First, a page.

Joe:                 Well, that’s very profound, Christoffer.  As you said, most people do not experience cancer alone.  They have partners or significant others who are particularly vulnerable, emotionally.  Often, they need as much support as the person who has cancer or who has cancer.  What can be done to make it better for them?  What can be done to support the partners or the close family of those people who have cancer?  For them, from personal experience, I can say it’s almost harder because not only do they have to support the person who has cancer, but they also have to try to maintain some sort of resemblance of normal life.

Christoffer:       I think that today we have this medical marvel in which we treat cancer as an individual disease, that the tumour belongs to the person.  That’s okay.  Seen from a logical point of view, but it doesn’t make sense when we go into every other aspect of life.  This also goes for diabetes and cardiovascular disease, for obesity, for arthritis issues, for thyroid.  Every chronic disease has a partner, so to speak.  Every citizen with a chronic disease has a person or a partner.  Partner not being a spouse, but one person you partner up with, you team up with.

In my mind, we have to rethink the medical model and first of all, we have to give birth to a model in which we use the patient and the closet relative as major resources in our treatment.  Second to that, we have to rethink the model, which is now sequential.  It means that we are doing one thing at a time, whereas we are facing the diagnostic phase.  Then we are planning and outlining a treatment phase.  Then we have a clean-up phase called rehabilitation.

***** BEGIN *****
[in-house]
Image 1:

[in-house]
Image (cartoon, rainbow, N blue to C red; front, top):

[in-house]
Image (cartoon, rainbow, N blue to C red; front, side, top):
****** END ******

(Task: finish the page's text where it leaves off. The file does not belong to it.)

Then we have a very late clean up phase called, living with late effects.  What I don’t understand why this is the case, well I do understand that’s the whole way in which the medical profession has organised treatment and specialisation, which is very high in our modern societies.  In terms of the model, you need to rethink that model and make it much more integrated so you, from the beginning, try to pre-habilitate the patient.

There are patients who are obese, have a weight problem, they are smoking, they have alcohol problems, they have dietary problems, work problems, whatever, at the date of diagnosis.  We know we have a window of, say, four to six weeks because the first time, we always talk about knife-time, meaning, when are we putting the knife on the skin?  When are we starting?  Knife-time means that when knife-time starts, it’s a metaphor for: Now we start the treatment.

In that time window, between diagnosis and treatment, today, we say to the patient, “Go home, drink some red wine, wait for me.  I’ll send you a letter and then we call you in and then we start off the treatment.” Instead of having a very active time period, where we could engage the patient and the partner in changes that would make the patient much more in a situation where he/she could tolerate the nightmare of treatment that we are starting off, at the date of knife-time.  Therefore, I think the entire model now is in a sequential outline, is a catastrophe because in modern society, we are not having – when my granddaddy had Parkinson’s, he was having this as his only disease.  When my mother died, she had three diseases.  When I die, I will probably have six.  You will have eight.  My kids will have ten.

That means that having a disease being chronic, chronicity, so to speak, is calling from another paradigm in the way we’re treating these diseases.  Which, by the way, all are treated independent of each other.  Which is stupid.  The multi-diseased patient calls for another model than what we did in the old times, when we only had one disease at a time, because we died from that disease.  When you got a mild infection, you died.  It was very easy.  When you had your cancer, well, we could do something, but then you die.  Now, we survive from all of these diseases.